Dynasty: Detroit Tigers’ 2020 Preseason Top 50 Prospects

After letting their core get older and older, the Detroit Tigers finally had to accept that a World Series wasn’t on the way and tore everything down to the bones. Unfortunately, the longer a team holds on to hope for glory, the uglier the rebuild tends to be—and this is a real ugly one.

The Tigers do have some reinforcements on the way, and while the system is flush with pitching talent, they could use more high-floor hitting to ease the minds of the fans that things will start looking up in the new decade.

Regardless, here’s a look at the team’s Top 50 prospects now that Detroit has dealt nearly all of the major league talent from the roster.

Note: These Top 50 lists are all done through a fantasy baseball-focused lens. Many players who are ranked higher or lower on other platforms will get a boost here. For example, players who profile as middle relievers or glove-first infielders likely won’t have much fantasy relevance, so they won’t be ranked as highly. 

 

1. RHP Casey Mize

 

Age: 22

Highest level: AA

So far, Mize has lived up to the lofty expectations often placed on first overall draft picks, making 15 starts at Double-A Erie last season with a 3.20 ERA (2.98 FIP) as well as a 1.11 WHIP and a 23.5% strikeout rate.

It wasn’t quite the pure dominance many had hoped for, but Mize has more than held his own in the minors, and he was pitching in Double-A as a 21-year-old. His polished approach, easy mechanics and excellent four-pitch mix, highlighted by a 60-grade slider and a 65-grade cutter, should make him a top-of-the-rotation ace in the near future.

Dynasty formats should have Mize as one of the top prospects off the board, even with the risk often associated with pitching prospects.

ETA: Late 2020

 

2. RHP Matt Manning

 

Age: 21

Highest Level: AA

If you had to guess which pitcher was the No. 1 overall pick based on numbers last year, most people would expect it was Manning, not Mize. A year younger despite being drafted two years prior, Manning dominated Double-A hitting while at Erie last season, posting a 2.56 ERA (2.53 FIP) with a 0.98 WHIP and a 28.1% strikeout rate—all which dwarf Mize’s production.

However, Mize has the more polished arsenal, making him more likely to reach true ace potential. That’s by no means a knock on Manning, whose size (6’6″) and 60-grade fastball/curveball should play extremely well as a future ace.

The Tigers farm system has gained ground in the hitting department, but it’s still dominated by pitching as evidenced by the top two here. These arms should be rotation stalwarts in the big leagues—and in fantasy leagues—for years.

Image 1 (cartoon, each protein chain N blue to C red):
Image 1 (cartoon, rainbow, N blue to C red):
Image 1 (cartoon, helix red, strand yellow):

ETA: 2021

 

3. OF Riley Greene

 

Age: 19

Highest Level: A

The fifth overall pick in the 2019 MLB draft, Greene breezed through rookie ball and short-season A-ball before hitting a slight speed bump at Single-A, which is expected from a 19-year-old.

A beautiful swing from the left side and emerging power make Greene a potentially elite hitter, with .300 averages and 35-home run seasons well within his capabilities. His glove will probably limit him to left field, which is a bummer, but there’s little reason to believe he won’t be a big-time contributor in the major leagues in due time.

ETA: 2022

 

4. 3B Isaac Paredes

 

Age: 20

Highest Level: AA

Paredes has done nothing but hit since he was acquired from the Cubs, along with Jeimer Candelario, for Justin Wilson, and Alex Avila. Paredes played a full season at Double-A last year, hitting .282 with 13 home runs and five stolen bases, with a stellar 10.3% walk rate and only a 11.1% strikeout rate.

His high-contact approach and burgeoning pull-side power should make him an above-average big league regular. While the move off shortstop to third base definitely hurts him from a fantasy perspective, it’s a better move for him value-wise and gives him a clear path to playing time in the Motor City, with Candelario expected to shift to first base in the near future.

ETA: Late 2020

 

5. LHP Tarik Skubal

 

Age: 22

Highest Level: AA

Probably my favorite prospect in all of baseball, Skubal was my dark-horse prediction to make a big rise last season, and I’m happy to say I got that one right. A ninth-round pick in 2018, Skubal dominated at every level last year, posting a video game-esque 179/37 K/BB ratio in 122.2 innings, split between High-A and Double-A.

He sports a very hard, heavy fastball with a plus changeup and fringe breaking balls, and if he can get even one of those offerings to become a plus pitch he has a comfortable projection as a big league No. 3, with potential to be a No. 2 as well.

There’s some relief risk here, as there is with almost any starting pitching prospect, but Skubal is still an arm dynasty owners will want to keep track of in the coming years.

ETA: Late 2020

 

6. OF Daz Cameron

 

Age: 22

Highest Level: AAA

It was a down season for Cameron in 2019, as he managed a .214/.330/.377 slash line in his first taste of Triple-A ball. He is still this high on the list thanks to his loud tools, which saw him belt 13 home runs and swipe 17 bases last year.

His strikeout issues are definitely concerning, just like they were for his dad—Mike Cameron—but Daz has shown better plate discipline recently, and an improved swing has allowed him to make more contact.

The power is still developing, but scouts think he’s a 15- to 20-home run guy in the big leagues, which should make him a 20-20 threat. Even with a poor batting average, that makes him a fantasy relevant prospect and one who could be in the major leagues as soon as 2020.

ETA: 2020

 

7. RHP Alex Faedo

 

Age: 23

Highest Level: AA

I didn’t think I’d have Faedo this high, especially after he looked like a major disappointment in 2018.

However, he bounced back in a big way in 2019, with his velocity back in tow and his offspeed stuff showing major improvement. Faedo made 22 starts in Double-A with an impressive 134/25 K/BB ratio. His 3.90 ERA came with a much better 3.57 FIP, and Faedo is right back on track to be a very solid mid-rotation starter alongside Mize and Manning—although he has a good chance to debut as soon as 2020 if he pitches well out of the gate next season.